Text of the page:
It’s not quite as often as it once was, and sometimes the days and events are spread out a little longer, but there are always moments in my life when the voice of Henry Davenport makes an appearance and brings me a smile.
Thursday night was truly one of those days.
It has been 13 years now since Henry departed those of us who loved him so on that cold January day and even as I write this, I find it difficult to comprehend he is not here for this day.
He would have loved it.
When former UTC athletic director David Blackburn hired Jim Foster in the spring of 2013 to coach the Lady Mocs basketball team, it was absolutely the single most impressive hire in the history of UTC athletics. One needs only to look at the magnitude of UTC’s 58-41 win over Western Carolina to realize as much.
The win was the 900th of a 40-year coaching career. Want perspective on that? It’s more wins than Dean Smith and Adolph Rupp, and both those coaches have multi-million dollar arenas bearing their names.
The win ties him with former Texas coach Jody Conradt for seventh on the all-time list. The list ahead of him is littered with some of the great names in women’s basketball such as Pat Summitt, Tara VanDerveer, Geno Auriemma, Sylvia Hatchell and C. Vivian Stringer.
I’ve been fortunate enough to have met every one of those aforementioned greats in 30 plus years of sports involvement. If I could have only met one of them, Jim Foster would be my choice.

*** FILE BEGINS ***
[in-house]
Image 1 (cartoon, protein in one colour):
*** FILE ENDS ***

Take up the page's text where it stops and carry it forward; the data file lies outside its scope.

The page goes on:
From Saint Joseph’s to Vanderbilt to Ohio State and now UTC, Foster has made an indelible impression, touching the lives of athletes and communities alike. He is the only Division I coach to lead four different women’s programs Top 25 rankings and NCAA tournaments.
As his friend and former assistant coach Geno Auriemma said recently: “to take four different teams to the NCAAs at four very different types of schools is pretty remarkable.”
What is even more remarkable is to see how the 69-year-old Foster connects with today’s generation of 18-year-old athletes, they drawing from his wisdom and experience and him drawing on their youth and energy.
The relationship with Henry was one of those remarkable pairings. It began innocently enough back in the early 90s when the SEC women’s tournament was played in Chattanooga. Henry often accompanied me and my Free Press cohorts to sporting events and he was by my side one day at a Vanderbilt shootaround. Foster noticed my high energy friend and asked me what the deal was with him.
I told him the basics. Henry had showed up at the newspaper one day to complain about our coverage of basketball. I had walked past the door to former Free Press sports editor Roy Exum’s office and heard a funny animated voice whaling away when Roy spotted me out of the corner of his eye and told Henry “this is the guy you need to talk to.”
From that day forward none of us at the paper could get enough of Henry and he became our companion. He oftentimes traveled with us to things like the Indianapolis 500 and of course his beloved basketball games. He was the life on our road trips.
Like I said, Henry was special in so many ways, but yes, he was special in that way too. He was a young gregarious strapping adult of a man with a childlike mind who had somehow managed to survive all life had thrown him on a disability check and a larger than life personality. We spent every Thanksgiving and Christmas holiday together from that year on.
I later came to find out that Foster, a man with a mind like few others I have met, grew up with a sibling with Downs Syndrome.